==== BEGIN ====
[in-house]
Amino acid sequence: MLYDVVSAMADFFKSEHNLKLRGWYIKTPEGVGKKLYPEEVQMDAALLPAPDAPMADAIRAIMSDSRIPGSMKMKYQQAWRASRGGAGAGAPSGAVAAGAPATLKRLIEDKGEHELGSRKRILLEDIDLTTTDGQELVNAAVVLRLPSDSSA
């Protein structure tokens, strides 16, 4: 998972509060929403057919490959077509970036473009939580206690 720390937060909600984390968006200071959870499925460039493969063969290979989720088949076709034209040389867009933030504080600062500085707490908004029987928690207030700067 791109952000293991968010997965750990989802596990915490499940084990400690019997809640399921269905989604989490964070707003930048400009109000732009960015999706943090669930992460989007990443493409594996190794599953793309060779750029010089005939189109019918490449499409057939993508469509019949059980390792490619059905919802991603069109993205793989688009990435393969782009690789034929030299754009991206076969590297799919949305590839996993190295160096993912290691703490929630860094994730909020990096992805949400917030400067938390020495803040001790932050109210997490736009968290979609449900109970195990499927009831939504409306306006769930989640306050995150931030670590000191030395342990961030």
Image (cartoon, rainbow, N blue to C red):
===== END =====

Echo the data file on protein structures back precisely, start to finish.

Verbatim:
[in-house]
Amino acid sequence: MLYDVVSAMADFFKSEHNLKLRGWYIKTPEGVGKKLYPEEVQMDAALLPAPDAPMADAIRAIMSDSRIPGSMKMKYQQAWRASRGGAGAGAPSGAVAAGAPATLKRLIEDKGEHELGSRKRILLEDIDLTTTDGQELVNAAVVLRLPSDSSA
């Protein structure tokens, strides 16, 4: 998972509060929403057919490959077509970036473009939580206690 720390937060909600984390968006200071959870499925460039493969063969290979989720088949076709034209040389867009933030504080600062500085707490908004029987928690207030700067 791109952000293991968010997965750990989802596990915490499940084990400690019997809640399921269905989604989490964070707003930048400009109000732009960015999706943090669930992460989007990443493409594996190794599953793309060779750029010089005939189109019918490449499409057939993508469509019949059980390792490619059905919802991603069109993205793989688009990435393969782009690789034929030299754009991206076969590297799919949305590839996993190295160096993912290691703490929630860094994730909020990096992805949400917030400067938390020495803040001790932050109210997490736009968290979609449900109970195990499927009831939504409306306006769930989640306050995150931030670590000191030395342990961030």
Image (cartoon, rainbow, N blue to C red):